What does a scavenger hunt have to do with yoga? Prathyahara is the practice of withdrawing from the senses. We think of food as that which we put into our mouths and chew in order to sustain ourselves. We eat in other ways, too. The information we take in through our senses—what we see, what we hear, what we smell, what we touch, and where we find ourselves in space in relation to gravity, is–like food–converted into energy and waste. The colors (frequency waves of photons), sounds (air waves created by pressure changes of matter moving through space and received by hearing apparatus), scents (chemicals that lodge into our olfactory receptors), temperatures, pressures and textures (as measured by thermoreceptors, baroreceptors, and proprioceptive receptors of the skin), and the play of gravity and our musculoskeleture rooting and rebounding toward equilibrium are all sensory experiences that build us.  What we sense becomes who we are.

Lately, I have found myself watching a bit more Netflix than I would normally. The auditory inputs I experience come from campers walkingoutside my windows or within my home. More and more the sensory experiences of my day seem to de-versify. In this atmosphere, we are hungry for an array of sensory experiences that are outside of the Self. A sensory based scavenger hunt situated in nature provides us with the opportunity to tune our senses toward entities beyond our daily spheres and fill each to the brim with precise and wonderous observations of normal yet often overlooked occurrences.

Just as one who has been eating junk food might first detox before beginning a new regimen of health-wise nourishment, we as yogis may begin our scavenger hunt with a practice of Prathyahara.

Sit on the floor, close your eyes, and breathe deeply through the nose expanding your belly three times; notice the sounds outside the house, before turning to discern the sounds inside the room. Again, breathing deeply three times, notice the sounds inside the room, before turning to discern the sounds made by your own body. Subsequently, again breathe deeply three times noticing the sounds your body makes externally, and then while plugging your ears, notice the sounds of your body internally.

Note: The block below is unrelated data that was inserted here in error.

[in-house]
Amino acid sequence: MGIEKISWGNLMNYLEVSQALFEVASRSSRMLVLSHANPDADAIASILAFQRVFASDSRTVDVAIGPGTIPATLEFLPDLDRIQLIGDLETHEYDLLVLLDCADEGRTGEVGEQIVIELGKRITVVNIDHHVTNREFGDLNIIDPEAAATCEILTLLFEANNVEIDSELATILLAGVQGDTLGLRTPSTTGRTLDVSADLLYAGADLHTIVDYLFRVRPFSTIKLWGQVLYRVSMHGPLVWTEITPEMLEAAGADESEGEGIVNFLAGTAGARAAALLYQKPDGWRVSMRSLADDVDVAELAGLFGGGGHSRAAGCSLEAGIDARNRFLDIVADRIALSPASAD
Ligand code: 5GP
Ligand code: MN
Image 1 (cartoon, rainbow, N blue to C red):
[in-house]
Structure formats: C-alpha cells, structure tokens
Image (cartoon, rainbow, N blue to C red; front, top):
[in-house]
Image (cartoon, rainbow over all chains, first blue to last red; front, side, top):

Taking a moment to acknowledge the motions outside of ourselves then drawing our attention to within, methodologically reduces the variety of erratic inputs our brain must decipher and primes us to begin absorbing new sensory information, consciously and intentionally.

Walking and wending through your neighborhood or local park, attempt to complete the scavenger hunt chart together with your children.


Click the images below to make the charts full sized, then print them out if that option is available to you.  Otherwise, simply save the pictures to your device.

Seek out each object or being represented in the squares. No need to gather and collect here—this hunt challenges your abilities to stealthily sight and keenly observe the characteristics and movements around you. 

Draw a symbol in the circle shape located within each square once you’ve seen and observed the contents.  

After you’ve found each item in the hunt, work together to answer the observation questions.

Variation: Choose different colored pencils to represent which team member spotted which items first (idea borrowed from Jacquie Fisher of EDiscovery.com).

Helpful Hints:
Preening is one way that birds clean themselves.  With no hands, beaks serve as brushes and combs to remove debris and parasites and to smooth and reposition feathers.

A mammal is an animal that has hair or fur, feeds its young with milk produced from the mammary glands of the female/mother body, has a hinged jaw and three small middle ear bones. 



About the Author:
Megan Rynne has a background in farm and nature-based education and taught environmental science to children and adults on working farms and nature conservation sites throughout New England. Having recently completed a MA in Early Childhood Education from Shepherd University of West Virginia, with a focus on the Montessori Method and Neuropedagogy, Megan joins Breathing Space new to the field of children’s yoga. Megan has completed 60 hours of combined training from Budding Yogis of Circle Yoga (DC) and Childlight Yoga (NH) including the Teaching Yoga to Kids with Special Needs and postnatal practice trainings. Megan embarks upon a yearlong 200 hr YTT this January and looks forward to supporting her children’s training with a sound background in yoga philosophy and adult practice. Megan is originally from Boston, MA and lives with her fiance in Washington, DC. She enjoys walking, books about cognitive neuroscience and Appalachia, Ayurveda, camping and fire stories, and the “Be Present” requirement that working with children affords.

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